The Italian philosopher Giorgio Agamben, as part of his analysis of contemporary Western politics (Agamben, 1998), describes how the figure of homo sacer can be considered to be an outlaw or bandit; someone who is not simply outside the law and indifferent to it, but who has instead been abandoned by the law. Whereas Foucauldian approaches have been useful in understanding the ways in which technologies of power differentiate the abnormal from the normal, Agamben instead focuses on how the suspension of law (states of exception) can create zones of indistinction where homo sacer can be found. One good example of a zone of indistinction is that of Camp Delta set up to hold US ‘detainees’ (rather than ‘prisoners’) who are at the mercy of presidential decrees and the will of military personnel. The camp itself occupies an indistinct spatial zone because of its location in Guantánamo Bay – it is on Cuban soil, but outside the realm of Cuban law.

In this paper I will draw on narratives of disability experiences generated as part of my PhD to present some ideas about how these concepts of homo sacer and zones of indistinction can be used to understand some contemporary experiences of structural and psycho-emotional disablism.

Structural dimensions of disablism affect what disabled people can do; examples include barriers in the built environment or lack of information in accessible formats. I will show how flawed implementations of the Disability Discrimination Act in the UK lead to spatial zones of indistinction where disabled people find themselves (legally) both included and excluded at the same time. This is because of the unspecifiable ‘reasonable adjustments’ term in the Act which means that disabled people are at the ‘mercy’ of planners and architects as to how these adjustments are implemented. Although there are examples of excellent inclusive design, this is not guaranteed; so whilst a separate entrance for wheelchair users restores independence, it does not necessarily restore the disabled person’s self-esteem and dignity.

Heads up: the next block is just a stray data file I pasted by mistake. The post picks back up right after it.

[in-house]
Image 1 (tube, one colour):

Finally I introduce the new concept of ‘psychic’ zones of indistinction to examine some examples of psycho-emotional disablism experienced by people with visible impairments. Within most parts of society it is considered rude to stare or call people names; however for many people with visible impairments this is a daily occurrence and can feel invalidating and humiliating. I suggest that these psychic zones of indistinction are created by the suspension of behavioural norms or ‘internal’ laws’. In addition, the disabled person is never certain of how the next stranger will react to them which reflects the way in which homo sacer is always ‘at the mercy of his fellow men’.